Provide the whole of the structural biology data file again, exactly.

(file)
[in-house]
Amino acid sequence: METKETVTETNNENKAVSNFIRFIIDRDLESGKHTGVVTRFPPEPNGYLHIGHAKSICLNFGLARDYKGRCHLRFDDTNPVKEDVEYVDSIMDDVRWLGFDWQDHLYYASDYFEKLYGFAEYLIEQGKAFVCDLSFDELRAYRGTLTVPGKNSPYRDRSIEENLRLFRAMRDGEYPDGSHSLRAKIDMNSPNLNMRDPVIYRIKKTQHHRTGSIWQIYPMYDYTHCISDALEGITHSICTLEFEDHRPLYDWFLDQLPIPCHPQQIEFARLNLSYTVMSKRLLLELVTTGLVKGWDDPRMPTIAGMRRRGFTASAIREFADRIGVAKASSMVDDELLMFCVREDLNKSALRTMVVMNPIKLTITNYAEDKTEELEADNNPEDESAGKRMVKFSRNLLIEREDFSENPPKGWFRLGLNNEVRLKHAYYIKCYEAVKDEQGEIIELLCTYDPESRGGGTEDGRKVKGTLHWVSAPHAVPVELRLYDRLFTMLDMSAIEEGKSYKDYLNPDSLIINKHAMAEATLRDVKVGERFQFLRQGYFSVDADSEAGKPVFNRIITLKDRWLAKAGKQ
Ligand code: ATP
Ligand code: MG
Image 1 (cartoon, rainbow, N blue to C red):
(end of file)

[in-house]
Amino acid sequence: METKETVTETNNENKAVSNFIRFIIDRDLESGKHTGVVTRFPPEPNGYLHIGHAKSICLNFGLARDYKGRCHLRFDDTNPVKEDVEYVDSIMDDVRWLGFDWQDHLYYASDYFEKLYGFAEYLIEQGKAFVCDLSFDELRAYRGTLTVPGKNSPYRDRSIEENLRLFRAMRDGEYPDGSHSLRAKIDMNSPNLNMRDPVIYRIKKTQHHRTGSIWQIYPMYDYTHCISDALEGITHSICTLEFEDHRPLYDWFLDQLPIPCHPQQIEFARLNLSYTVMSKRLLLELVTTGLVKGWDDPRMPTIAGMRRRGFTASAIREFADRIGVAKASSMVDDELLMFCVREDLNKSALRTMVVMNPIKLTITNYAEDKTEELEADNNPEDESAGKRMVKFSRNLLIEREDFSENPPKGWFRLGLNNEVRLKHAYYIKCYEAVKDEQGEIIELLCTYDPESRGGGTEDGRKVKGTLHWVSAPHAVPVELRLYDRLFTMLDMSAIEEGKSYKDYLNPDSLIINKHAMAEATLRDVKVGERFQFLRQGYFSVDADSEAGKPVFNRIITLKDRWLAKAGKQ
Ligand code: ATP
Ligand code: MG
Image 1 (cartoon, rainbow, N blue to C red):